Scovill Zoo
From cheetahs to spider monkeys, giant toads to pygmy goats, you can journey around the world at Scovill Zoo. See animals on the verge of extinction as you take a spin on the Endangered Species Carousel, journey through the zoo on the Z.O. & O. Express train, feed the goats in the petting area, and search for the glass lizard in the herpaquarium. Located in Decatur.

Activities & Experiments Back to Top
Arbor Day National Poster Contest
Join over 74,000 fifth grade classrooms and home schools across America in the Arbor Day National Poster Contest. The theme chosen will increase your students’ knowledge of how trees produce and conserve energy. The free Activity Guide includes activities to use with fifth grade students to teach the importance of trees in producing and conserving energy. These activities correlate with National Science and Social Study Standards. The Guide also includes all of the information you need for poster contest participation.
ExploraVision
ExploraVision is a competition for all students in grades K-12 attending a school in the U.S., Canada, U.S. Territory or a Department of Defense school. Homeschooled students are eligible to enter. It is designed to encourage students to combine their imagination with their knowledge of science and technology to explore visions of the future. Teams of students select a technology, research how it works and why it was invented, and then project how that technology may change in the future. They must then identify what breakthroughs are required for their vision to become a reality and describe the positive and negative consequences of their technology on society. Winning ideas have focused on things as simple as ballpoint pens and as complex as satellite communications. The student teams write a paper and draw a series of Web page graphics to describe their idea. Regional winners make a Web site and a prototype of their future vision.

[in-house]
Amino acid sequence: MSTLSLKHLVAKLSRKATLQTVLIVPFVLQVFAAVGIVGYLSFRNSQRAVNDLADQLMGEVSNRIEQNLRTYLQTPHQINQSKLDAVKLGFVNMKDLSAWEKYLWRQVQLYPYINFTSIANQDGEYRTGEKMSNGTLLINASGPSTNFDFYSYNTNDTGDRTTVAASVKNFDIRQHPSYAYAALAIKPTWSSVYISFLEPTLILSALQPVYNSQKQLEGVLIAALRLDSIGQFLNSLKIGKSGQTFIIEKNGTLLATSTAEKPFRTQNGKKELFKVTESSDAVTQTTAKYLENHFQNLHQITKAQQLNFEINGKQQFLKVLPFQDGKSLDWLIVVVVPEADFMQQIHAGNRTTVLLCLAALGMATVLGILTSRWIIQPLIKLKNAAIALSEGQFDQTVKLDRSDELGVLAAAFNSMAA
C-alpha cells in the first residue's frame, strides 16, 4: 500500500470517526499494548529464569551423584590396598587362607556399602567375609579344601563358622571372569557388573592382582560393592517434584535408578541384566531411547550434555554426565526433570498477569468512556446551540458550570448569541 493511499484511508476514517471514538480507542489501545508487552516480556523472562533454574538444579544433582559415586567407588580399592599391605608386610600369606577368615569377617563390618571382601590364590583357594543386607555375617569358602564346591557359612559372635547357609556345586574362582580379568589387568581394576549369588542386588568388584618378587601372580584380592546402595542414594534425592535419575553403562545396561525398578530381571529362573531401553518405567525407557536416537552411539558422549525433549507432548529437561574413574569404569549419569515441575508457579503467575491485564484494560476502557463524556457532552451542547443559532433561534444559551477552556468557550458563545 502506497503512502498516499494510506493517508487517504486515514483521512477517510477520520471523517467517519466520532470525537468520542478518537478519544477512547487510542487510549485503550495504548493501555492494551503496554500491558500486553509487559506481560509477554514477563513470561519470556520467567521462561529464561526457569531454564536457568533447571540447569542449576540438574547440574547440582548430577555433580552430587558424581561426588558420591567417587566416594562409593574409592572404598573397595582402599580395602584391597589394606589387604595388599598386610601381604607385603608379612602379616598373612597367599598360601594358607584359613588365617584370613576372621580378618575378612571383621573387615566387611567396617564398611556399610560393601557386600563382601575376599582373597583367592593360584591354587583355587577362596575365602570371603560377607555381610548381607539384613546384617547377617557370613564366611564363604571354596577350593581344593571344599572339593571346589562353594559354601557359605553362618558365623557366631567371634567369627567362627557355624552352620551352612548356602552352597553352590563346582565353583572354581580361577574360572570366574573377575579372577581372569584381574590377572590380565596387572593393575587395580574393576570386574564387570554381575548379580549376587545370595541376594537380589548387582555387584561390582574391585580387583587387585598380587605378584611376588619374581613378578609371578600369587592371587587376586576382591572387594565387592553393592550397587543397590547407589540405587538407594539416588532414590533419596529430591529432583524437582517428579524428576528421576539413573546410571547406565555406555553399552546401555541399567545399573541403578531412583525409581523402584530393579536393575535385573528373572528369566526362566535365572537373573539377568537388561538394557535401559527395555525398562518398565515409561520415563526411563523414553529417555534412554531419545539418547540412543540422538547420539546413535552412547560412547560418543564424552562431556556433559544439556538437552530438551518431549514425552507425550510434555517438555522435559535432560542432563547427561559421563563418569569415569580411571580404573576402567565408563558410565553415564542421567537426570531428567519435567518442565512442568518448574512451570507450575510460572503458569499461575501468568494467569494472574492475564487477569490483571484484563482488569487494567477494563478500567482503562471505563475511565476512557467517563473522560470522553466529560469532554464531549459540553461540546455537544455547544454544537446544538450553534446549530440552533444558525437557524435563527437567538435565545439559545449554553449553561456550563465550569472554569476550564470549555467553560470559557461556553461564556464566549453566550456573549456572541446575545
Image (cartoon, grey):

Teaching Tips & Ideas Back to Top
How I Teach a Large Family in a Relaxed, Classical Way: Science
Family style learning is a great way to tackle lots of different subjects, including science.

Elementary Science Curricula Back to Top
A History of Science
A History of Science is not a textbook, but is a guide to help parents and children study science through literature. It is intended for children in elementary grades.
Apologia Educational Ministries
Apologia publishes several science textbooks that are especially suited to the homeschool environment. They are filled with easy to understand lessons and experiments which can easily be performed at home. The curriculum is also backed by a question/answer support system. This set of textbooks is written under the "Exploring Creation" name. There are three elementary level texts: Their middle school and high school texts include:
  • Exploring Creation With General Science
  • Exploring Creation With Physical Science
  • Exploring Creation With Biology
  • Exploring Creation With Chemistry
  • Exploring Creation With Physics
  • The Human Body: Fearfully and Wonderfully Made
  • Exploring Creation With Marine Biology
  • Advanced Chemistry in Creation
  • Advanced Physics in Creation
  • Plus other texts
    Living Learning Books - Science
    Living Learning Books offers activity guides for teaching science. This curriculum was designed to provide the structure needed to feel confident using a living book approach to education. All of the preparation work has been done--book lists, project ideas, coloring pages, even shopping lists for project supplies. The activity guides provide a teacher planning checklist, library lists, internet links, lesson plans, and more. Level 1 covers Life Science, Level 2 deals with Earth Science & Astronomy, Level 3 explores Chemistry, and Level 4 is Physics.